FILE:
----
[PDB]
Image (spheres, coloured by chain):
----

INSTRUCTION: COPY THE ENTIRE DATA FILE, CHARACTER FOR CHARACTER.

[PDB]
Image (spheres, coloured by chain):